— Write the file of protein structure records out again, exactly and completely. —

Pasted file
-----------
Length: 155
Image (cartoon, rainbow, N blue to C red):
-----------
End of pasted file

Length: 155
Image (cartoon, rainbow, N blue to C red):